A mortgage price war has broken out between lenders – but borrowers with big deposits or large amounts of equity in their property are the main winners. So although the number of mortgages on the market has hit a nine-year high, and average rates have fallen to new lows across the board, many househunters are still missing out on the most cost-effective deals.
The mortgage market is in a very different place than it was in 2008, before the financial crisis hit. Lenders today are much more risk-averse, and reserve their best deals for borrowers with the most savings to use as a deposit or the greatest amount of equity in their house.
They do this by setting a maximum loan-to-value (LTV) for each product. The LTV ratio is calculated as the amount you want to borrow as a percentage of the value of your property. For example, if you had a deposit or equity equivalent to 40% of your property’s value, and consequently needed to borrow 60% of its value as a mortgage, your LTV would be 60%.
Having a lower LTV will mean a far greater choice of products in today’s market. In March 2008, just 24 products were reserved for borrowers with a maximum LTV of 60%, according to the Moneyfacts UK Mortgage Trends Treasury Report. Today, that number stands at 549 of the 4,460 mortgages on the market. By contrast, back in 2008 there were 575 deals available at 95% LTV; today there are just 257 on offer. It seems that 60% LTV is “the magic level to access the best rates, although some lenders have even introduced 50% LTV bands”, says Mark Harris of mortgage broker SPF Private Clients.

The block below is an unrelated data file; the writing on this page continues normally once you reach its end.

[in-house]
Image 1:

Being able to access these low LTV deals will have a significant effect on how much your mortgage costs. As an example, those borrowing at 60% LTV will be eligible for what is currently the cheapest fixed rate available. That’s Yorkshire Building Society’s two-year fix at 0.99% per year, with a £1,495 fee. Conversely, the best two-year rate for those borrowing at 90% LTV is 1.65%, with a £995 fee, from Monmouthshire Building Society. Someone with a £250,000 mortgage repayable over 25 years would pay £941 a month on the Yorkshire deal, and £1,018 a month with Monmouthshire.
If these rates remained unchanged over the 25-year term, that would amount to a significant difference of around £23,000. Consequently, buyers who have substantial amounts of spare cash that is not earning much interest should consider increasing their deposit – or paying off part of their existing mortgage – in order to be able to access deals in a lower LTV band. Just make sure that you keep enough cash back for emergencies as it can be hard to access this money again by refinancing, particularly at short notice.
Admittedly, few people will have the money or equity to push their LTV ratio to the extremes of 60%. But if you are just shy of a 10% deposit, dropping into the next bracket down can still make a big difference. Using the same example as before, a 95% two-year fix from Aldermore Building Society (with set-up fees of £1,808) would cost almost £470 more per month than if you were going with Monmouthshire’s 90% offering.
Finally, it’s worth appreciating that if the value of your house rises, and your borrowing level stays the same, your LTV will fall over time, and you’ll have access to better deals when you remortgage. If you borrowed £80,000 to buy a property worth £100,000, your LTV would be 80%. However, if the value of your house then rose to £120,000, a loan of £80,000 would put your LTV at 67%, giving you a much wider choice of loans when you remortgage.